Paul Brown

Long/short equity
Paul Brown
Long/short equity
Contributor since: 2013
Martzee,
I do think the price of gold can easily reach $2,500. The main reason I say this is there is a global push to remove the US dollar as a reserve currency. The Fed is not helping the dollar in the long run with QE. A good signal to watch for next is discussion on increasing QE. It is apparent a majority of Americans do not want to endure the pain it takes to lower spending and are willing to push it off to their grandchildren. The economy is not helping the dollar. The current labor participation force is not healthy for the economy and the dollar. That being said the dollar is being destroyed which will lift the price of gold.
There will probably be no clear idea on who or what entity is dumping tons of gold like that on the market. There is no mention of the SEC looking into these events over the past year. There are theories which state the bullion banks are able to make a large sale like this on behalf of a government in order to keep a country's currency or treasury bond at a desired price. In the US the group is called the Plunge Protection Team. See Executive Order 12631: Quote, "The Working Group shall consult, as appropriate, with representatives of the various exchanges, clearinghouses, self-regulatory bodies, and with major market participant to determine private sector solutions wherever possible."
Paul,
Thank you for the advice, it is taken earnestly. Drilling down the balance sheet the Total Current Liabilities appear to have shrunk over the last three quarters. 4th Quarter 2012 was 12,898 and 1st Quarter 2013 was 11,798 and this 2nd Quarter 2013 is 11,389. The revised filing did make note Gross Margin Reconciliation: Q2'13 Outlook to Q2'13 (58% +/- couple points to 58.3%, up 0.3 point) [note: point attributions are approximate] - 1.0 point: Higher platform* inventory write-offs (primarily pre-qualification product costs) + 0.5 point: Lower platform* unit costs + 0.5 point: Miscellaneous. Where the asterisk (*) was PC Client Group and Data Center Group microprocessors and chipsets.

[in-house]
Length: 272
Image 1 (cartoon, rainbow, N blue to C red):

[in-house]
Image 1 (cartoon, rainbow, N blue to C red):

There was a question answered last quarter by Stacy Smith, Intel’s CFO about CapEx. "How much of the capex can be moderated lower, if the PC industry continues to be weaker than probably what you thought going into the year? I think we’re really well-positioned right now from a factory and utilization standpoint. And let me just realign what we did in the first quarter. We saw that units were a little bit weaker than we expected and our expectations came down a bit. That allowed us to bring utilization down on some older generation process technology.
You can see we brought our inventory levels down pretty significantly, and actually a little bit more than I thought when I started the quarter. And we took $1 billion out of capex by rolling forward some older generation technologies to offset things that we needed to buy for 14 nanometer and new process technologies.
In terms of your question of the levers that we have, I think that’s a good example of how we can be responsive in a very tactical time horizon to changes in demand. And as I look forward across the year, the prediction right now is we’re going to run at a healthy rate of utilization. In fact, we’re starting the quarter (start of 2nd Qtr.) at that utilization rate. I think inventories will continue to be healthy.
If demand turns out to be stronger, we have some white space that we can grow into, so we can respond up. If demand ends up being a little weaker than we thought, you saw the playbook in Q1. We can pretty quickly react and bring capex down if that’s the case."
They appear to be keeping inventory low. If you see anything I missed I would appreciate your input. Thanks again.
....96 shares for each one.
Robert, thank you for the correction. The long-term chart gives that impression it was a penny stock. Adjusted for splits, if you bought in 1970's you would have appx shares for each one you bought.